To give the cast their due, for the most part they are equally bad–they may perish, but they perish together. Carson betrays no ability to speak her lines naturally, Wespi-Tschopp fails completely to convey emotions through dance, Marr is so transparent a manipulator he couldn’t fool a child, Clark brings out none of the pathos of her situation, and Daniels–who has at least had something of a career in Z-grade action films–mostly fascinates by his elusive accent; a native Englishman, he makes one think more of Tommy Wiseau.
Ferguson at least has a trace of charisma; The Captain is a terrible character, but by default he becomes the most likable. Winters, on the other hand, is merely distracting at first (he’s a dead ringer for Jon Polito), and subsequently fails to be adorably irascible, his delivery being as awkward as everyone else’s, though he is responsible for the one moment that I enjoyed unironically; after putting Ken and Shotsy through a demanding practice, he agrees to break for lunch, and is then shown eating a sandwich in front of them. When he replies that he never said anything about their lunch, he then quips “Want a pickle?”
No, it’s not much, but you take what you can get.
If the utter artificiality of the acting defeats any attempts at comedy, romance, the technical side of things massacres them. Even the first second of the film is inept–there’s a brief flash of a credit which reminds one of nothing so much as an incompletely taped-over commercial. Then the film begins, and the credits (in a font which seems like the black-sheep cousin of Comic Sans) and photography (which suggests either a cell phone c. 2010 or a cheap camcorder) let you know just what you’re in for.
The cinematography really works against the film at nearly every turn. Were the rest of the film technically faultless, the flat lighting and generally cheap look would bring it down, but Dancin’ is anything but. It’s so bad, in fact, that the few shots which seem properly lit or remotely well-composed (an imaginary dance between Ken and Shotsy’s shadows) are more disconcerting than refreshing. I’m not saying cinematographer Alan Roberts (who’s also responsible for the editing, which is certainly not good) had much to work with, but someone who, according to the IMDb, has been in the industry for 40+ years, should be able to do better than this.
Winters’ direction is amateurish throughout, the flashes of ambition (depicting, in a nightmare, the helicopter explosion that killed Sanders’ son) only adding to the embarrassment. There’s a seediness to the whole thing which is decidedly–and rather sadly–fascinating. Given his lengthy career, which encompasses a role in West Side Story and two Emmy nominations, that he has come to this makes his life story surely as worthy of a film as Steve Jobs’.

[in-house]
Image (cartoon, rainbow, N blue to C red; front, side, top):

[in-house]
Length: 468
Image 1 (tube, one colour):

There’s a strange air of artificiality which pervades Dancin’. The production design is a particular failure; early on, we see the home Jennifer shares with her mother (Ava Fabian), and it looks more like a home decor showroom than a real house, while the hotel Jerry manages is as far from genuine glamour as this film is from genuine quality; as it is, a Super 8 would be far more photogenic, and the idea that anyone, let alone an artiste of Hal Sanders’ supposed renown, could live there is laughable.
The sound recording, while not obviously overdubbed, feels strangely off as well, though that may be more the fault of the terrible delivery than anything else. Likewise, the climactic competition feels in spots like it was composited together in post-production; the crowds and the dancers don’t always seem to occupy the same reality.
As this is a dance film, I should mention the dancing, but in all honesty it’s totally unmemorable. The only number that really sticks in my memory is Ken trying to work out his frustrations through dance, and that because it’s hilariously stupid. It ends with him kicking a deck chair into the hotel’s swimming pool, an act which Sanders rebukes as ruining a good routine (which should negate any suggestion that Sanders knows what he’s talking about), before doing a brief routine himself, which can only be described as far from Winters’ best work.
There’s a soundtrack and songs, most of which are thoroughly generic pop.
The film also functions at times as a quasi-infomercial for the charms of Panama Beach; it does not appear to be remotely worth the promotion.
Supposedly, the budget of Dancin’ was $12 million; I cannot believe it cost even a tenth of that sum. You’d think for that money they could’ve at least lit the damn thing properly.
Leaving the theater, I asked the staff if I had been the only person to buy a ticket to Dancin’, and was told I was, but that “the company” had bought 10 tickets for it to make it appear as if it were doing business. Now, I’m not sure whether “the company” means the theater chain, the production company, or the distributor, but I can only say that, having paid to see it in a theater, I don’t regret a penny of it.
Here, by the way, is the trailer, which makes the film look about as polished as humanly possible:
¹Could it be the name was derived from the German “schatzi“, meaning “sweetheart” or “darling”?